• In some further exemplary embodiments, end-effector 112 can be configured for selective rotation about one or more of x-axis 126, y-axis 128, and a Z Frame axis 130 (such that one or more of the Euler Angles (e.g., roll, pitch, and/or yaw) associated with end-effector 112 can be selectively controlled). For example, roll 122 is selective rotation about y-axis 128 without substantial deviation about or along x-axis 126 or Z Frame axis 130; pitch 120 is selective rotation about x-axis 126 without substantial deviation about or along y-axis 128 or Z Frame axis 130. In some exemplary embodiments, during operation, end-effector 112 and/or the surgical instrument may be aligned with a selected orientation axis (labeled “Z Tube” 64 in FIG. 1C) that can be selectively varied and monitored by robot system 100. End-effector 112 may contain a linear actuator that causes guide tube 114 to move in Z Tube axis 64 direction.
  • In some exemplary embodiments, selective control of the translation and orientation of end-effector 112 can permit performance of medical procedures with significantly improved accuracy compared to conventional robots that utilize, for example, a six degree of freedom robot arm comprising only rotational axes. For example, in some exemplary embodiments, as shown in FIG. 2, surgical robot system 100 may be used to operate on patient 210, and robot arm 104 that can be positioned above the body of patient 210, with end-effector 112 selectively angled relative to the z-axis toward the body of patient 210.
  • In some exemplary embodiments, the position of the surgical instrument can be dynamically updated so that surgical robot 102 can be aware of the location of the surgical instrument at all times during the procedure. Consequently, in some exemplary embodiments, surgical robot 102 can move the surgical instrument to the desired position quickly, with minimal damage to patient 210, and without any further assistance from a physician (unless the physician so desires). In some further embodiments, surgical robot 102 can be configured to correct the path of the surgical instrument if the surgical instrument strays from the selected, preplanned trajectory. In some exemplary embodiments, surgical robot 102 can be configured to permit stoppage, modification, and/or manual control of the movement of end-effector 112 and/or the surgical instrument. Thus, in use, in exemplary embodiments, a physician or other user can operate the system 100, and has the option to stop, modify, or manually control the autonomous movement of end-effector 112 and/or the surgical instrument. Further details of surgical robot system 100 including the control and movement of a surgical instrument by surgical robot 102 can be found in co-pending U.S. patent application Ser. No. 13/924,505 from which this application claims priority under 35 U.S.C. §120, and which is incorporated herein by reference in its entirety.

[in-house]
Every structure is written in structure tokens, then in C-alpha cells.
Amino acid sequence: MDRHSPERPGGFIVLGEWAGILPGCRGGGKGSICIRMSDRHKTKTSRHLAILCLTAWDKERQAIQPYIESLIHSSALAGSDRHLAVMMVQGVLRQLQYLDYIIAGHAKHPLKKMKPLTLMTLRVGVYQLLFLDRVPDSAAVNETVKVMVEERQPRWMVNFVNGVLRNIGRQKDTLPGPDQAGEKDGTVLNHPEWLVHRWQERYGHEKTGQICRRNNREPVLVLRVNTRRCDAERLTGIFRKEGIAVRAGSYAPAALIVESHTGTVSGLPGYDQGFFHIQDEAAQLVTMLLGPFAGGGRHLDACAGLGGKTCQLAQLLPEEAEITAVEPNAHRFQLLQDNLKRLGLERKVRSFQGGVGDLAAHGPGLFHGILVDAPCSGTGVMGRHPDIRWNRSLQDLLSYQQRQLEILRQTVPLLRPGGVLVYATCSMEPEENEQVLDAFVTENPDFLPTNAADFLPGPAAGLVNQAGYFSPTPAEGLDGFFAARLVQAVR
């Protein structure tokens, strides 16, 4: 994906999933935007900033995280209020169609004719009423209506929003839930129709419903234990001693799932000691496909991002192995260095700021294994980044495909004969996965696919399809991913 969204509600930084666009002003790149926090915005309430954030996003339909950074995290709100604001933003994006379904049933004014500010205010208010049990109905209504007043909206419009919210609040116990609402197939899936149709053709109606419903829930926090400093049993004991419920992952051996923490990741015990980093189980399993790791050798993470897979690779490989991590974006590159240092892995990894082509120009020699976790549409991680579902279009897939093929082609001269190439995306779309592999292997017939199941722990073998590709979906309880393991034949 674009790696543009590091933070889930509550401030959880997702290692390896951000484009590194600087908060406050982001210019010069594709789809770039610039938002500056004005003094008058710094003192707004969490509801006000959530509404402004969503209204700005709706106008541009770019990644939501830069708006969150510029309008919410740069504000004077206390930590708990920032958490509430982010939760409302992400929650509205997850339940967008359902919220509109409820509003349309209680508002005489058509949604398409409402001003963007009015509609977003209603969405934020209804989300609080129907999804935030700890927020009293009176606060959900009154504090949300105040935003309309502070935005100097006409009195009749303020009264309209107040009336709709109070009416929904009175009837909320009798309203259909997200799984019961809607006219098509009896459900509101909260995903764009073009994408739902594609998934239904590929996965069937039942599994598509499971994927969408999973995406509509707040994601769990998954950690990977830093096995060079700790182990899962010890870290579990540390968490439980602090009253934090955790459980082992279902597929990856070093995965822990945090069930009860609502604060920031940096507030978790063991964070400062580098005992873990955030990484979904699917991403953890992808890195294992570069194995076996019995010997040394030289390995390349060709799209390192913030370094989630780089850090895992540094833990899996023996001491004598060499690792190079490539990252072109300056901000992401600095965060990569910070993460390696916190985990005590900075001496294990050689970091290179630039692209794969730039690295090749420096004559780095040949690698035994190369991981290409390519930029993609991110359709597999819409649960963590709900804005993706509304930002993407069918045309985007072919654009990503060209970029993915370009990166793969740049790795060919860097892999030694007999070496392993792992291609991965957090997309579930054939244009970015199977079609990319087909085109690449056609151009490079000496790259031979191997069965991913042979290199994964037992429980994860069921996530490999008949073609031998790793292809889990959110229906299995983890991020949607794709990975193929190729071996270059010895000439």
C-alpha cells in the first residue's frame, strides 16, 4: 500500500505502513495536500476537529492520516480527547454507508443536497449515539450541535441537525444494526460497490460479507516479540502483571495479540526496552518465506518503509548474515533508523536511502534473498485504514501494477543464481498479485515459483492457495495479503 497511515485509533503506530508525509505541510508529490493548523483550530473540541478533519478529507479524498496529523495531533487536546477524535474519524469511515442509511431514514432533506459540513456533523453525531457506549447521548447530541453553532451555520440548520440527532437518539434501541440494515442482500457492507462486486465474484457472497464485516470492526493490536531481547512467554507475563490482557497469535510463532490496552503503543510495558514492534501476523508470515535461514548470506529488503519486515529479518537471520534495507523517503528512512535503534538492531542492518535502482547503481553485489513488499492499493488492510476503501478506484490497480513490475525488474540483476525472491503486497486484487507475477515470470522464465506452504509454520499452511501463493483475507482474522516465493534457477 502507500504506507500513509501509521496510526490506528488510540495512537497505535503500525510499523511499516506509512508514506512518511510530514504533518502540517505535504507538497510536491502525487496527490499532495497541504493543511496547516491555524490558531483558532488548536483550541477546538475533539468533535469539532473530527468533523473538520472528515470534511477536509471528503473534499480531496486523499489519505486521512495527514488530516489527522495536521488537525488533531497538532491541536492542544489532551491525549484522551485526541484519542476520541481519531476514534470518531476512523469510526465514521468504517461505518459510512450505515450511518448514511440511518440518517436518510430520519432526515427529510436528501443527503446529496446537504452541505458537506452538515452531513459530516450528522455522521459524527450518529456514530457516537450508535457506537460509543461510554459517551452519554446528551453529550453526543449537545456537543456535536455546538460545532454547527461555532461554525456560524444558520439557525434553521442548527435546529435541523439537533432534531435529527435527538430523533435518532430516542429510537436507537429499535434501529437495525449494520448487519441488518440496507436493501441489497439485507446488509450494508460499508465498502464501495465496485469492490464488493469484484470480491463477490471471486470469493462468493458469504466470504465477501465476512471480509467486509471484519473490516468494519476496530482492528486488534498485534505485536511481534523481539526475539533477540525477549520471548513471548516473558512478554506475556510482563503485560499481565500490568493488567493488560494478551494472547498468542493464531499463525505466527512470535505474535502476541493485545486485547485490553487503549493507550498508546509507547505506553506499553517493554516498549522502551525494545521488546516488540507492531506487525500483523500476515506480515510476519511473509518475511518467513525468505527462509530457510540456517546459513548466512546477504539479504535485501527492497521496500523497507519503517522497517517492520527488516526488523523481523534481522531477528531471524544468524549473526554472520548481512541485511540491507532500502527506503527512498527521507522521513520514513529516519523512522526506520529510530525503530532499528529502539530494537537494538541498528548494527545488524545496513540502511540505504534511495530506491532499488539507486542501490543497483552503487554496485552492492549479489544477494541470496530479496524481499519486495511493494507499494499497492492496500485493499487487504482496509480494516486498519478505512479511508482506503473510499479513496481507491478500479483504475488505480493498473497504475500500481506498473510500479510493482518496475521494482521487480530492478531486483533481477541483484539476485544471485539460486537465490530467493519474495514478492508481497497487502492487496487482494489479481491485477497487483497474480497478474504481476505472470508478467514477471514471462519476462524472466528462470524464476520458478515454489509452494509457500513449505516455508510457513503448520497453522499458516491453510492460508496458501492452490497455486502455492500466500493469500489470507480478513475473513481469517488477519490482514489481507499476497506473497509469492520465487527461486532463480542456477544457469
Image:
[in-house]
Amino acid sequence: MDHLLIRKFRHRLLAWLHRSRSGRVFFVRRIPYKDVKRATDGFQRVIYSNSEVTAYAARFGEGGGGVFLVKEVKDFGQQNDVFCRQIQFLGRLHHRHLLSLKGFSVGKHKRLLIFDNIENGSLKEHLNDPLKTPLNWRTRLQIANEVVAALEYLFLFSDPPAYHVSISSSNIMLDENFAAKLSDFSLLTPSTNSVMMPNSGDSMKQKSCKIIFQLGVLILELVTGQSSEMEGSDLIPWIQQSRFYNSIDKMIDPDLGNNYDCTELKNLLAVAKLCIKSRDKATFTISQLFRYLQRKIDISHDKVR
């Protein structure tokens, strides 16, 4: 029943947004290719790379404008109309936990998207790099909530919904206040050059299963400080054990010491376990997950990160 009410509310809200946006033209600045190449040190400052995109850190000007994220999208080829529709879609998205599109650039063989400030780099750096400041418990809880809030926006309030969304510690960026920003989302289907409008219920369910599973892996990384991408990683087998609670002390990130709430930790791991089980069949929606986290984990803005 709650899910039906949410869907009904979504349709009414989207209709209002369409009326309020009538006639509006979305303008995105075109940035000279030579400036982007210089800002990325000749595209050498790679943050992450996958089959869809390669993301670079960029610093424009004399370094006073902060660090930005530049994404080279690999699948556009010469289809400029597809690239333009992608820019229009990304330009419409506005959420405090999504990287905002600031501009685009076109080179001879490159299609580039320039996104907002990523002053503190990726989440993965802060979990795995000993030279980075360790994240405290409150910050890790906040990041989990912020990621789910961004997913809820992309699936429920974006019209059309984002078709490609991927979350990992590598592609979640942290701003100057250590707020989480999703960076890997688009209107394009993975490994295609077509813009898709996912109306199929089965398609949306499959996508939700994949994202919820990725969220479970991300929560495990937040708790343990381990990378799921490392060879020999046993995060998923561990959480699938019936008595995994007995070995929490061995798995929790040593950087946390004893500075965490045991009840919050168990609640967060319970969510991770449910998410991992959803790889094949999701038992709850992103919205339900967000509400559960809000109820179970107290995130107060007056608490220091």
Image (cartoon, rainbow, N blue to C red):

• As shown in FIGS. 1B and 1D, in exemplary embodiments, robotic surgical system 100 can comprise a plurality of tracking markers 118 configured to track the movement of robot arm 104, end-effector 112, and/or the surgical instrument in three dimensions. It should be appreciated that three dimensional positional information from tracking markers 118 can be used in conjunction with the one dimensional linear or rotational positional information from absolute or relative conventional linear or rotational encoders on each axis of robot 102 to maintain a high degree of accuracy. In exemplary embodiments, the plurality of tracking markers 118 can be mounted (or otherwise secured) thereon an outer surface of the robot 102, such as, for example and without limitation, on base 106 of robot 102, or robot arm 104 (see for example FIG. 1B). Further, in exemplary embodiments, the plurality of tracking markers 118 can be positioned on base 106 of robot 102 spaced from surgical field 208 to reduce the likelihood of being obscured by the surgeon, surgical tools, or other parts of robot 102. In exemplary embodiments, at least one tracking marker 118 of the plurality of tracking markers 118 can be mounted or otherwise secured to end-effector 112 (see for example FIG. 1D).
  • In exemplary embodiments, system 100 can use tracking information collected relative to the robot base 106 to calculate the orientation and coordinates of the surgical instrument held in the tube 114 based on encoder counts along x-axis 126, y-axis 128, z-axis 130, Z-tube axis 124, and the roll 122 and pitch 120 axes.
  • In exemplary embodiments, one or more of markers 118 may be optical markers and at least one optical marker may be positioned on the robot 102 between the base 106 of the robot 102 and end-effector 112 instead of, or in addition to, other markers 118 on base 106. In some embodiments, the positioning of one or more tracking markers 118 on end-effector 112 can maximize the accuracy of the positional measurements by serving to check or verify the position of end-effector 112 (calculated from the positional information of markers 118 on base 106 and encoder counts of z-axis 130, x-axis 126, y-axis 128, roll axis 122, pitch axis 120, and Z-tube axis 124).
  • In exemplary embodiments, the at least one tracking marker 118 can be mounted to a portion of the robot 102 that effects movement of end-effector 112 and/or the surgical instrument along the x-axis to enable the at least one tracking marker 118 to move along x-axis 126 as end-effector 112 and the surgical instrument move along the x-axis 126 (see FIG. 1D). In exemplary embodiments, placement of tracking markers 118 as described can reduce the likelihood of a surgeon blocking one or more tracking markers 118 from the cameras or detection device, or one or more tracking markers 118 becoming an obstruction to surgery.